Coyotes cause concern for South Bay pet owners after several cats killed

MOUNTAIN VIEW, Calif. (KGO) -- People living in Mountain View's Waverly Park neighborhood made at least eight coyote-related calls in the last three weeks.

Vector Control says while the amount of calls might seem surprising to some, those statistics are right on track for the summer.

On any given summer afternoon, the neighborhood is usually filled with people, pets, and the passing summer breeze.

However, recent cat carnage has interrupted that calm.

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"I got home at around like 10 p.m. or 11 p.m., and I just kind of came back and I thought that there was just a cat sleeping on my lawn," Ryan Diddams told ABC7. "But it was not sleeping."

He described seeing parts of his neighbor's cat, scattered on his family's front yard. Diddams said it was the work of a coyote.

"It was definitely a coyote. It was a big kind of dog, with that fluffy tail," he described.

The next morning, Diddams came across another terrible scene. This time, a second cat belonging to another neighbor. He said the second feline was killed in the same manner and was left again on his family's front lawn.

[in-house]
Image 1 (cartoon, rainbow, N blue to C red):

"It was terrible waking up to that," Diddams said. "I didn't like that at all."

Animal welfare experts told ABC7 News this behavior is typical of coyotes. Janet Alexander with Silicon Valley Animal Control Authority described the wild animals as opportunistic and easily adaptable.

RELATED: Pet owner says coyote killed beloved cat in Sunnyvale

"They're really looking for anything they can find," Alexander said.

She was referring to food. Alexander explained that during the summer months, coyotes are raising their young and scavaging for even more.

"They're omnivores," she explained. "They eat everything including meat, and also fruits and vegetables."

On Thursday, pet owners explained they were concerned, even fearful.

Many of them described their frustration at the coyote activity, especially as more neighborhood felines have gone missing.

"We've been keeping our cat under lock and key," Robin Diddams said. "We don't let him out anymore."

When asked whether people should be concerned about their own safety, Vector Control said coyote attacks on humans are very rare. Though, officials emphasized it's always a good idea for small kids to have adult supervision.

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